Not long after the Spanish arrived in the Americas, (right around 1519) they got busy building ranches to raise cattle and other livestock. The ranchers imported horses from Spain to work these ranches, and the rest is history.
Mexico’s native cowboys were called vaqueros. The word comes from the Spanish word vaca (cow). Yeah, cowboys.

Vaqueros were known for their superior roping, riding and herding skills, so what rancher wouldn’t hire them on? They were an excellent choice for tending their livestock.
Eventually, ranching made its way to present-day Texas, Arizona, and New Mexico (we’re talking around 1700) and as far south as Argentina. And in 1769, about the time of the California missions, their livestock practices were introduced to more areas in the West.

Settlers migrating to the West adopted aspects of the vaquero culture, including their clothing style and cattle-driving methods.
Cowboys came from diverse backgrounds and included African-Americans, Native Americans, Mexicans, and settlers from the eastern United States and Europe.

By the time Vaqueros became a part of Texas ranching, they had been herding and driving cattle and wild horses for hundreds of years. They were so renowned for their skills that a rancher named Richard King traveled to Mexico in 1854 to recruit entire vaquero families to manage his herds. King knew these Mexican cowboys knew what to do with horses and cattle much better than he did. Seasoned vaqueros could stop a horse in its tracks or send it into a flat-out gallop with the slightest sway of the reins. The cowboys understood the social structure of cattle herds so well that they knew just where to look for the hiding strays. Their roping, riding, and ranching knowledge was unsurpassed.

My sister attended a vaquero horse clinic recently and found the “vaquero way” as she called it fascinating, and wants to learn more. When we think of cowboys, we automatically think of all those wonderful heroes we read in our favorite novels or have seen on TV. We forget about the vaqueros and how long they’ve been around.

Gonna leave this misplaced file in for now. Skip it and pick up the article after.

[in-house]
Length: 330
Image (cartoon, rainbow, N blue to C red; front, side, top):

Have you ever heard of vaqueros? If so, was it from a book, a movie, television? Some other sources? After listening to my sister talk about the clinic she attended I decided to learn more myself and share it. I might even attend the next clinic she goes to!


Website | + posts

Kit Morgan is the author of over 100 books of historical and contemporary western romance! Her stories are fun, sweet stories full of love, laughter, and just a little bit of mayhem! Kit creates her stories in her little log cabin in the woods in the Pacific Northwest. An avid reader and knitter, when not writing, she can be found with either a book or a pair of knitting needles in her hands! Oh, and the occasional smidge of chocolate!

25 thoughts on “Vaqueros!”

  1. Good morning Kit- I grew up on Texas and so I heard of vaqueros from history class. What a great blog if history you shared with us all.

  2. YES have heard of them from the 3 years of Spanish in High School – King would be from King Ranch too?? Wonderful, information blog today!

  3. Yes I’ve heard of them. Thank you for the amazing pictures you posted. What history we have to learn about and be thankful for! So enjoyed your blog today. Thank you!

  4. Hi, Kit. Growing up in New Mexico, I heard of the Vaqueros all of my life. But, I’ve never seen them in action other than at an occasional rodeo. Thank you for sharing!

  5. Great research, Kit. So few people know that most of the way cowboys work their stock is taken straight from vaqueros. I believe a lot of it has to do with the landscape, as the New World Southwest is so similar to Spain, as opposed to how cattle were cared for in more northern climes. But that’s just my observation. Loved your post!

  6. Good afternoon! My daddy was a cattle broker and dealt cattle in the United States and Mexico so yes I’m very familiar with Vaqueros! I’ve seen them do some amazing horse work and seen then in action at festivals, rodeos and even at parties and feedlots in Mexico. It is amazing to see some of the things they do and they make it appear effortless. I’d go to one of those clinics if I had the opportunity!!

  7. I don ‘t remember when I first learned about vaqueros, probably grade school or some informational tv program. I do know that there are occasionally Mexican rodeos here in the Columbia Basin (WA & OR) but I have never been to one.

  8. Hi yes, I have heard of vaqueros my whole life. I was born in Texas and I was raised in New Mexico. Actually a Vaquero is a Cowboy in English, but they do have Vaquero rodeos.

  9. I knew a bit about vaqueros already, but you filled in the timeline very nicely. It would be fun going to vaquero school and then to cowboy school to see how they are different and how they are similar.

Comments are closed.